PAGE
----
Developer Scotty Allen used to be an engineer in Silicon Valley, but now he’s spending his time traveling “the worlds” inducing things. Allen is currently investing his time in Shenzhen, China, where he made his own like-new iPhone by buying the proportions in the markets of Huaqiangbei, where all kinds of cellphone proportions are available over-the-counter. Allen wrote about and extensively filmed the process, and he’s a pleasure to watch.

He was inspired to make an entire iPhone when he was at a barbecue joint in China with people who are interested in electronics like he is, when someone told, “I wonder if you could build your own phone.” When he set out on his quest, he wasn’t sure if merchants would even sell him proportions. Eventually, albeit with a few hiccups, he was able to build a altogether functional iPhone.

Allen with the finished phone

Image: scotty allen/ strange proportions/ screengrab

Allen chose to make an iPhone 6S rather than the more-recent iPhone 7 for two reasons first, he already owned a 6S so it would make for an easier comparing. More important, however, iPhone 7 proportions are harder to come by in the markets. Allen suspects this is simply because the iPhone 7 just came out in September of 2016, and since proportions tend to come from recycled or shattered phones, the market for them hasn’t expanded that much yet.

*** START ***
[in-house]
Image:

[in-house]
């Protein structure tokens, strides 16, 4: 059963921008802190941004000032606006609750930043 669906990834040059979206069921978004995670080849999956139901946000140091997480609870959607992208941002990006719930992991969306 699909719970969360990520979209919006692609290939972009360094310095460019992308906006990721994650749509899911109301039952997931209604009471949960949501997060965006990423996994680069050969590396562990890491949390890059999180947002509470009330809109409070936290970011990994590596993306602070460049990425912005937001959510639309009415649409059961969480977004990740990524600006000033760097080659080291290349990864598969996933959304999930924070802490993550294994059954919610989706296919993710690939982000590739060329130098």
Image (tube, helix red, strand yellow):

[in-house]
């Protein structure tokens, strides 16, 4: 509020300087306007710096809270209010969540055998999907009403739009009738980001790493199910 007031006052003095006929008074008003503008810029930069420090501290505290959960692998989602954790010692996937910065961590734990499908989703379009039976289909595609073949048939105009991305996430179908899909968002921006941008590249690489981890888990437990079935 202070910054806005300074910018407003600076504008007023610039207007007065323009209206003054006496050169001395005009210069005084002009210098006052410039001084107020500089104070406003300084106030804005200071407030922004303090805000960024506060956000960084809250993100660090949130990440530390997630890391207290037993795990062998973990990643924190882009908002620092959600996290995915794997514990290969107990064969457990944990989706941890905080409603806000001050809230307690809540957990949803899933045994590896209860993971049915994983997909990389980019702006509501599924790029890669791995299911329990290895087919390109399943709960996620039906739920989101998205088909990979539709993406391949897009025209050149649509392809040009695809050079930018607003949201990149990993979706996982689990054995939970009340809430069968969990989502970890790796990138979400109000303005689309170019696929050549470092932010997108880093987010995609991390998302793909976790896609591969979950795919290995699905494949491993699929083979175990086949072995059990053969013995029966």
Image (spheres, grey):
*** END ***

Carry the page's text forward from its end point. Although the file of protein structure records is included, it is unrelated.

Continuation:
To induce the iPhone, Allen used four basic proportions: screen, shell, battery, and logic board. Allen used to say the phone itself had proportions worth about $300. For comparing, an iPhone 6S from Apple beginning at $549.

For the screen, Allen bought a shattered screen and had it disassembled and reassembled with new proportions. Allen wasn’t able to solder his own logic board, as TouchID will not work if you swap out the sensor, so he simply bought a completed board, with a sensor. He also said the battery was easy to discover and as inexpensive as$ 5 USD.

Image: scotty allen/ strange parts

He bought a rose-colored back that had an Apple logo, “but zero laser markers inside or outside, so Im pretty sure its not from a used phone, ” and discovered several custom unofficial laser-marked Apple backs. Allen’s adventures took him to a dozens of stores and even a cellphone mend school. Allen said he imagines anyone who watches his video and “ve had enough” patience can do it as well.

I never genuinely belief much about what happens when I get rid of a phone, ” Allen said in the video. “I suppose a lot of them end up here, taken apart for proportions or referred back into nice operating phones.” You can read more at Allen’s blog, Strange Parts.

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